Mark Kleiman, a UCLA Professor of Public Policy, is against the “lunatic warmongering” Iran sanctions bill, and good for him. He’s a blogger, and started a post for the Washington Monthly:
If you’re a constituent of, or a contributor to, [he named the 16 Democratic senators supporting the legislation], please consider making a phone call or sending a fax or email telling that Senator to back off the lunatic piece of warmongering legislation known as the Kirk-Menendez bill, designed to torpedo the nuclear deal with Iran. As of now, they’re all co-sponsoring it. Please consider making your voice heard especially strongly if you’re Jewish, or have a Jewish-sounding name.
The professor of public policy and I agree, Jews count more on this issue. I wrote him:
I agree with you re Jewish sounding names, and re Iran policy; but isn’t your recommendation also an acknowledgment of a political truth, that we are 5/3 of a man, to reverse the old voting fraction of black people? And inasmuch as that is true, isn’t this something liberal Jews ought to seek to end? For instance, by speaking openly about the Israel lobby?
Kleiman wrote back:
Not at all. I don’t think a Jewish name would have extra weight on a question about heath care or crime control or global warming or Burma. It’s only on questions where “Jews” generically are perceived to have one opinion that a Jew expressing a contrary opinion is man-bites-dog.
I wrote back to Kleiman to say that he was making my point: on this issue, Israel, there is a real effect of Jewish influence– the lobby that presumes to speak in our name. “You are attacking that presumption of solidarity, for the best reasons. But any analysis of why the U.S. is where it is today re the Middle East has to grapple with my 5/3 formulation.”
I think this is a very important conversation. Kleiman’s appeal shows that the lobby is fracturing: that Jews are taking on the lobby as Jews, and many Jewish groups are now opposing AIPAC on this bill. But it raises questions, like, What is the basis of the Jewish influence here? I think it’s financial contributions and our presence in the establishment and yes, also a widespread cultural deference stemming from the Holocaust. Also, how long did the lobby successfully presume or impose solidarity on liberal Jews? Certainly back when my brother said to me in 2003, “I demonstrated against the Vietnam war, but my Jewish newspaper says this war could be good for Israel.” Of course Jews were against that war, by numbers; but how many denounced that “warmongering” lobby as Jews? Very few. Joe Klein for one.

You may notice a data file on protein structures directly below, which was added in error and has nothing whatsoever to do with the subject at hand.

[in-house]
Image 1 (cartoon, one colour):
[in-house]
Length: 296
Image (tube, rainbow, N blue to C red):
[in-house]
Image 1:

Back to the main point. So long as Jews count more (and it’s probably more like 30/3, not 5/3), doesn’t that give people the right to count Jews when it comes to this policy? Put another way, why does the State Department’s Middle East team have one Arab-American that I’m aware of, and a half dozen Jews, or people with Jewish-sounding names? Kleiman’s law. The most important constituency must be addressed.
PS. Adam Kredo got to this story first. Also, today the New Yorker did a piece on the boycott issue in which it identified me as a Jewish American blogger. Fair enough. But it proves the point– in how many other contexts would my religion/ethnicity matter?